Attempting to understand how to overcome depression and anxiety for both myself and my friends has been one of the strongest driving points into why I have propelled myself down a path of artistry. The importance of mental health has always felt like a taboo in my community, where everyone suffers from it, but no one speaks about it, choosing to indulge in selfish gratification and the misuse of drugs and alcohol to try and run away from an issue that will forever chase them. Being someone who was taken from an area of life where you would be mocked for speaking about your issues, to a community where it was made very clear that mental health assistance was an obtainable resource, has helped me understand that speaking out about the importance of treating and helping yourself is one of life's greatest secrets. I use art to speak for myself, and through understand what my work is and why it was created, I hope to inspire others to seek a journey of introspection and seek the help they deserve. My sophomore year in high school was when I first realized that artistry might be my calling. Bouncing around between friend groups, professions, and even households my freshman year, I felt a lack of a staple in my life. There was nothing I could cling to, as everything felt like it was moving around me. When I was at my lowest, I finally realized that one of the answers to my problems was something that I was doing mindlessly when I felt overwhelmed. I used to doodle all over pages of my notebook and on the side of worksheets in class, and when I was in therapy, I realized that drawing was one of my outlets for alleviating stress that I didn't feel comfortable speaking about. Fast forward three years, and I use my art and my words combined to publicly speak out about the things and issues I faced when I was younger. This scholarship would be directly helping me on my mission to improve my artistic capabilities through financial assistance, as the school I plan to attend is both very prestigious and expensive. I hope to use my platform and my talents to be an advocate for the importance of mental health, especially in African-American communities. Looking around the people I grew up with, I fear the people they have become in absence of being able to properly communicate their struggles with one another. As another friend falls victim to substance abuse, I feel a greater urge to use my passion to become an advocate for solving these issues.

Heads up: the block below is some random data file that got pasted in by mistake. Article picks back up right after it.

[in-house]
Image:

One Move Ahead Chess Scholarship